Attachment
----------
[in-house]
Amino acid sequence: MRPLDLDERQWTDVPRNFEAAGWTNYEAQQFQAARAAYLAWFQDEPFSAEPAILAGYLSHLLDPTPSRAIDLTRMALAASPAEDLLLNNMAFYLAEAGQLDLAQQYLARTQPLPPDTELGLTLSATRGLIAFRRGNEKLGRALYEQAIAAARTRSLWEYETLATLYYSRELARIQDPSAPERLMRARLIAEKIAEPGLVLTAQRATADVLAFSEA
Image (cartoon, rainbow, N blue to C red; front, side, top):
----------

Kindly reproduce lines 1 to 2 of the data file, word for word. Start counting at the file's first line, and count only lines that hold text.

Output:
[in-house]
Amino acid sequence: MRPLDLDERQWTDVPRNFEAAGWTNYEAQQFQAARAAYLAWFQDEPFSAEPAILAGYLSHLLDPTPSRAIDLTRMALAASPAEDLLLNNMAFYLAEAGQLDLAQQYLARTQPLPPDTELGLTLSATRGLIAFRRGNEKLGRALYEQAIAAARTRSLWEYETLATLYYSRELARIQDPSAPERLMRARLIAEKIAEPGLVLTAQRATADVLAFSEA